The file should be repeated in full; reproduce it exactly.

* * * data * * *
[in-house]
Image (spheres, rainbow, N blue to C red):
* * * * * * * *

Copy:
[in-house]
Image (spheres, rainbow, N blue to C red):